Stephen Hawking is terrified of our first contact with aliens, especially if they come here. He explains it for the discovery channel, here:
The takeaway from that video: Remember when Europe landed in the “Americas” and it ended really poorly for the indigenous population? If intelligent life makes it to us, Hawking predicts the same scenario. If these Aliens are spending all these resources going across the universe from their planet to ours, it probably isn’t to say “hello.” They want our oceans and possibly our organs. Hawking’s scenario isn’t Zephryn Cochran meets the Vulcans, it’s War of the Worlds.
So let’s call that the worst case scenario. The best case scenario is space gnosis, which I’ll discuss in act three. But what about a more neutral scenario? The aliens neither want to kill us nor bring world peace, they just sort of are.
There’s this notion that in the face of Aliens, a new intelligent “other” to our entire species, the humans will all suddenly get along. It’ll be the end of the nation state and the birth of the “planet state.” I guess that doesn’t seem totally out of the question. But I’m not convinced. What, there’s a civilization on Ceres so suddenly geographical, racial, ethnic, sexual, economical, and historical differences on earth don’t matter? That might happen in time, but humans have a lot of infighting to get through first. I think we’ll be unpleasantly surprised to discover the human ability to harbor prejudice against aliens and other humans at the same time. In fact Hawking]s worst case scenario would probably be a much better unifying force provided no country manages to barter a treaty with the invaders.
I’m interested to see how our various religions handle the news of intelligent life. My home faith, Mormonism, is actually surprisingly well equipped for this. Deep LDS doctrine has long held that God (well Jesus as Jehovah) made other planets with people on them. Other Christianities will have to debate how the whole “qui tollis peccata mundi” thing will work in the face of a populated macrocosmica. Deep doctrine Mormonism already believes that Christ’s “atonement” covered the whole universe, but that he had to die on earth because we were the only planet wicked enough to crucify our god.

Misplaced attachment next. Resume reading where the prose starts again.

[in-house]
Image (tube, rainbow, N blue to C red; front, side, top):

Then there’s the Biblical literalists, that is: people who believe the earth was literally made in seven days, that Adam and Eve literally existed, that Jonah was literally swallowed by a “great fish” and so on. This line of thought will have a hard time surviving the discovery of aliens. Aliens simply aren’t in the bible. Some might insist that what we’re now calling aliens were once called angels or Sepharim. But that theory won’t hold on once these aliens prove they’re definitely not the heavenly host of YHWH, or Elohim, or even Metatron. Others might say that there are no aliens in the Bible because it wasn’t important to mention. It’s a good answer, but it’s sort of a non-answer. Non-answers don’t keep people in pews.
Up and coming scholar of Hinduism, Scott Lynn Brown, informs me that Hindus and Buddhists have long believed in an infinite number or worlds with an infinite number of beings on them, so an alien visit shouldn’t send too many shockwaves through their more formal theologies. The visit would just reopen questions on whether being reborn on a different planet is possible, and if it would be a higher rebirth (almost god like), a lower rebirth (because you’re denied the possibility to learn Hindu or Buddhist Dharma) or just an equivalent rebirth.
Ultimately, I do think finding other intelligent life in the universe will be a game changer. It will have to change how humans conceive of ourselves as a species. It will give us a new mirror to view ourselves But we have flaws, we fear change. Let’s not over exaggerate how quick or drastic this transformation will be.
 I should stress people as in humans. If they’re too far from Humanoid, Mormonism won’t really know what to do.